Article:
There are different types of judgments courts can enter to resolve civil litigation. Default judgments are utilized in every state, at least as far as we know. Summary judgments are pretty standard as well. In some states, consent judgments are yet another option. The question for this post is whether it is wise to push for either a consent or summary judgment.
We are not qualified to provide legal advice on our website. Our specialty is collecting unpaid judgments in Utah, Michigan, Ohio, Missouri, and a few other states. But we can tell you what we know about consent and summary judgments. Whether or not to push for one would be a decision best left to you and your attorney.
A consent judgment is a type of judgment in which creditor and debtor agree to some sort of payment plan. Most of the time, it boils down to the debtor making monthly installments until the debt is settled. It might involve the creditor agreeing to settle for a lesser amount to get the issue resolved.
The thing about consent judgments is that not every state allows them. And in those that do, they just do not happen on their own. The two parties involved still need to petition the court to render a decision to that effect. A consent judgment is not official or legally enforceable until the court does so.
Pushing for a consent judgment does have its advantages. The primary advantage is bringing an end to collection efforts. By its nature, a consent judgment dictates that the creditor stops any and all collection efforts for as long as the debtor continues to make payments as promised.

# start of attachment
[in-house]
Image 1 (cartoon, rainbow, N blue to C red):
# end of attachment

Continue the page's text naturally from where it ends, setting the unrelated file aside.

It benefits the creditor inasmuch as no further time, money, or effort needs to be put into collection. It benefits the debtor inasmuch as he is no longer facing collection efforts.
A summary judgment is a different kind of judgment rendered in cases in which the defendant is actively fighting the suit. But what is a summary judgment, exactly? It is a judgment rendered by the court without going to trial.
Under normal circumstances, a judgment creditor headed to trial wants to prove his case with enough evidence to convince the court. Sometimes the creditor’s evidence is so compelling that it cannot be argued in any reasonable way. The creditor can ask for a summary judgment – a judgment based solely on his evidence alone.
As with a consent judgment, there are certain benefits to pushing for a summary judgment. Chief among them is avoiding the pitfalls of going to trial. As any attorney will tell you, one can never be sure what will happen in a courtroom. Whether you are looking at a bench or jury trial, things are too unpredictable to bank on anything.
If you can avoid trial with a summary judgment, doing so could be the right way to go. But again, whatever strategy you pursue against a debtor is up to you and your attorney. Every action has its pros and cons. Only you and your attorney can look at all the circumstances and come up with the best course of action.
Meanwhile, we are here to help if you already have outstanding judgments waiting to be collected. As judgment collection specialists, we work on behalf of judgment creditors in multiple states across the country. We are more than happy to look at your case to see what we might do to help.
Published September 26, 2023